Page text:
A group of leaders of the United Methodist Church, the second-largest Protestant denomination in the United States, announced on Friday a plan that would formally split the church, citing “fundamental differences” over same-sex marriage after years of division.
The plan would sunder a denomination with 13 million members globally — roughly half of them in the United States — and create at least one new “traditionalist Methodist” denomination that would continue to ban same-sex marriage as well as the ordination of gay and lesbian clergy.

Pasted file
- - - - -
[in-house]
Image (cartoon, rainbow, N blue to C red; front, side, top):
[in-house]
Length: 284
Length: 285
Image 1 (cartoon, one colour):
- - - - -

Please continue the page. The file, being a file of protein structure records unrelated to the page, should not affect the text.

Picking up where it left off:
It seems likely that the majority of the denomination’s churches in the United States would remain in the existing United Methodist Church, which would become a more liberal-leaning institution as conservative congregations worldwide depart.
A separation in the Methodist church, a denomination long home to a varied mix of left and right, had been brewing for years, if not decades. It had become widely seen as likely after a contentious general conference in St. Louis last February, when 53 percent of church leaders and lay members voted to tighten the ban on same-sex marriage, declaring that “the practice of homosexuality is incompatible with Christian teaching.”
The above comes from a Jan. 3 story in the New York Times.